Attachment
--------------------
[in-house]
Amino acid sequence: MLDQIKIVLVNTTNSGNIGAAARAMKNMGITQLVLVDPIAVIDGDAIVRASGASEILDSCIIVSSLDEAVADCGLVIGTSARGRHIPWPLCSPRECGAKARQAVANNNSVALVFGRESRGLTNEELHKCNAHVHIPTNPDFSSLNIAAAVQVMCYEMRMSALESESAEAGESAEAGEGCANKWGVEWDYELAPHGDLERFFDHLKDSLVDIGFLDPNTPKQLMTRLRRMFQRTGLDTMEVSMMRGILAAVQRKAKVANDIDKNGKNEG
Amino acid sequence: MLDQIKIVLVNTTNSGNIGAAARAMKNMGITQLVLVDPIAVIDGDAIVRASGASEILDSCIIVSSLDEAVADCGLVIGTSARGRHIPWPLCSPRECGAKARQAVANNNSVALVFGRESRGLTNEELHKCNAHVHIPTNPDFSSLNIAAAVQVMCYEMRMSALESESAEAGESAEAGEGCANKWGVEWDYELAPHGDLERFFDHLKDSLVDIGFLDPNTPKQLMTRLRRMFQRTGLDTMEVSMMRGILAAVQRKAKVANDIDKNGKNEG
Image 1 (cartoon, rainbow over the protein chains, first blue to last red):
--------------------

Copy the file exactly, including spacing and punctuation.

[in-house]
Amino acid sequence: MLDQIKIVLVNTTNSGNIGAAARAMKNMGITQLVLVDPIAVIDGDAIVRASGASEILDSCIIVSSLDEAVADCGLVIGTSARGRHIPWPLCSPRECGAKARQAVANNNSVALVFGRESRGLTNEELHKCNAHVHIPTNPDFSSLNIAAAVQVMCYEMRMSALESESAEAGESAEAGEGCANKWGVEWDYELAPHGDLERFFDHLKDSLVDIGFLDPNTPKQLMTRLRRMFQRTGLDTMEVSMMRGILAAVQRKAKVANDIDKNGKNEG
Amino acid sequence: MLDQIKIVLVNTTNSGNIGAAARAMKNMGITQLVLVDPIAVIDGDAIVRASGASEILDSCIIVSSLDEAVADCGLVIGTSARGRHIPWPLCSPRECGAKARQAVANNNSVALVFGRESRGLTNEELHKCNAHVHIPTNPDFSSLNIAAAVQVMCYEMRMSALESESAEAGESAEAGEGCANKWGVEWDYELAPHGDLERFFDHLKDSLVDIGFLDPNTPKQLMTRLRRMFQRTGLDTMEVSMMRGILAAVQRKAKVANDIDKNGKNEG
Image 1 (cartoon, rainbow over the protein chains, first blue to last red):